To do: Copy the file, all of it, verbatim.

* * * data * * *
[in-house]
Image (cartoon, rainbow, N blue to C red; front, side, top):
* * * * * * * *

[in-house]
Image (cartoon, rainbow, N blue to C red; front, side, top):